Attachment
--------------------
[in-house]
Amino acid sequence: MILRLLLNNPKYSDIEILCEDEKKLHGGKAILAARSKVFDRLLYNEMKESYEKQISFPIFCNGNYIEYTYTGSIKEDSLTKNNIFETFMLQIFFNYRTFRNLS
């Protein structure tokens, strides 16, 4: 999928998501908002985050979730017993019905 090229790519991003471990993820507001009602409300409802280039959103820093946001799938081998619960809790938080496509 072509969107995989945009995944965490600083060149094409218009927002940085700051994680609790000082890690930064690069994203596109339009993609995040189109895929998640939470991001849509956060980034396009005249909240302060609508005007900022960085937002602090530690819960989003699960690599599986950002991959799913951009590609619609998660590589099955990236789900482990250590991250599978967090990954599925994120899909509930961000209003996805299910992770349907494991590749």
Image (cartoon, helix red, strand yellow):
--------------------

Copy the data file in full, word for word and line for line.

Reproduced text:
[in-house]
Amino acid sequence: MILRLLLNNPKYSDIEILCEDEKKLHGGKAILAARSKVFDRLLYNEMKESYEKQISFPIFCNGNYIEYTYTGSIKEDSLTKNNIFETFMLQIFFNYRTFRNLS
């Protein structure tokens, strides 16, 4: 999928998501908002985050979730017993019905 090229790519991003471990993820507001009602409300409802280039959103820093946001799938081998619960809790938080496509 072509969107995989945009995944965490600083060149094409218009927002940085700051994680609790000082890690930064690069994203596109339009993609995040189109895929998640939470991001849509956060980034396009005249909240302060609508005007900022960085937002602090530690819960989003699960690599599986950002991959799913951009590609619609998660590589099955990236789900482990250590991250599978967090990954599925994120899909509930961000209003996805299910992770349907494991590749």
Image (cartoon, helix red, strand yellow):